Thursday, March 17, 2016

The work of chaplaincy and "emotional labor"

A. Kumm-Hanson Minneapolis 2016
I stumbled across something the other day comparing the physical labor to what is called "emotional labor." This idea resonated with me, because of the emotional intensity of chaplaincy. Work of this nature has ramifications for the chaplain's personal life and perhaps an honest appraisal of the toll of emotional labor can contribute to resiliency and health for the chaplain.

Chaplains dwell in the realm of the not-quite-tangible. Our practice involves spiritual and emotional concerns, not physical or social issues to be addressed. Our tools of assessment are not stethoscopes or CT scans, but our ability to listen deeply, our intuition, and our own emotions. In order to assess our patients, we literally use our own souls. We check in with what we are feeling to "take the temperature of the room" (to quote a CPE supervisor). We reflect back the emotions of our patients using mirroring techniques. We do not feel in full the trauma or death or pain of our patients, but we do go into those spaces with them and surround ourselves with that suffering.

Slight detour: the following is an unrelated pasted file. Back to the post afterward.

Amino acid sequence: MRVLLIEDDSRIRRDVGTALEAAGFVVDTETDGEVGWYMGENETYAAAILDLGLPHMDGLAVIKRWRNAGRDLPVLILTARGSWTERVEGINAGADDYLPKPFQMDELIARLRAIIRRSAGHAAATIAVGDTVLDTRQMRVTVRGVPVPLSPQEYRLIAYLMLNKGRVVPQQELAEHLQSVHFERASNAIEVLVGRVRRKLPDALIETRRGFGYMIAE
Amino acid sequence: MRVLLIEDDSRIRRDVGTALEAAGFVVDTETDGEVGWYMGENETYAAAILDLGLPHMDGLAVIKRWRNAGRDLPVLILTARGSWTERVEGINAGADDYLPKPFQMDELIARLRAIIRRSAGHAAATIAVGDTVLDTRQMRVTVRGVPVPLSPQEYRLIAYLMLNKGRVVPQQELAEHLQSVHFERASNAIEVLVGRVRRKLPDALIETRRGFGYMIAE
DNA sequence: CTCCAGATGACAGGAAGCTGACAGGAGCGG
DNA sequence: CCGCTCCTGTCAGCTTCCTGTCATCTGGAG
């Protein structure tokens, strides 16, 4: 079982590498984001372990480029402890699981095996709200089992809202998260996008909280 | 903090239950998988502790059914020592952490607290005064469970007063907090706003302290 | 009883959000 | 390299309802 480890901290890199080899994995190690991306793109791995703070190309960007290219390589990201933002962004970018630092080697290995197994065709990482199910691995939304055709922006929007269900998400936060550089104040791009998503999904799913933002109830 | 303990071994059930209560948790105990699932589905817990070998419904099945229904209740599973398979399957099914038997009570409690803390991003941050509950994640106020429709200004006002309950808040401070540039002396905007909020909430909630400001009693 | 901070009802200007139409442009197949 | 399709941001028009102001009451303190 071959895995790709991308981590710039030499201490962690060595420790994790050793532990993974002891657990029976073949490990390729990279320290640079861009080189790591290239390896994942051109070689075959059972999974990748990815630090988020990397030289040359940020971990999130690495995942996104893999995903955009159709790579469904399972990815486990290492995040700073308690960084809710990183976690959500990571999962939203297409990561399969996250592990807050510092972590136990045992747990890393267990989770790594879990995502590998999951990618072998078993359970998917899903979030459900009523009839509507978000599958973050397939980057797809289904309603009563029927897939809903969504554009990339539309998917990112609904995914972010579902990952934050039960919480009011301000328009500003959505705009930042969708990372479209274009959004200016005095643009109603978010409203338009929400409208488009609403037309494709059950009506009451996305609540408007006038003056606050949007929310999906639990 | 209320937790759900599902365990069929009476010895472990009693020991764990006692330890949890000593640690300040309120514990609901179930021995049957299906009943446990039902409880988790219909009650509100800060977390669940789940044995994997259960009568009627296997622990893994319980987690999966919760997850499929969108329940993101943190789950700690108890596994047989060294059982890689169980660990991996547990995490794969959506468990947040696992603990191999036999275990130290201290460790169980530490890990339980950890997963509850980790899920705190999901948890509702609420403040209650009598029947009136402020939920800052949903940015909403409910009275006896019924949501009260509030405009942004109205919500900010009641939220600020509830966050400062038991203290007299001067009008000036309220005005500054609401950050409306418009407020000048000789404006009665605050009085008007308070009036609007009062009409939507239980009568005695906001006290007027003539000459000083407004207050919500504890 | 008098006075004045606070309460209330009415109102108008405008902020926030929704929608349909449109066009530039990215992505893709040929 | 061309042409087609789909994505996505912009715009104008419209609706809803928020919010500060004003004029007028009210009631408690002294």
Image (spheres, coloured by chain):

Chaplaincy does not involve physical labor like industry, but it involves labor. One of my wise colleagues mentioned that the main difference between a healthcare chaplain and a parish pastor is that while pastors can and do enter into spaces of suffering and dying, they may only do so a few times a year. Chaplains go into the places of deep suffering many times per day. It is emotional labor to center one's self again and set aside whatever might be happening in the next hospital room over or the ER or whatever the chaplain witnessed already that day to be FULLY present with each patient.